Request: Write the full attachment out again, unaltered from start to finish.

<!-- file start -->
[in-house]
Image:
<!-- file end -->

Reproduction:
[in-house]
Image: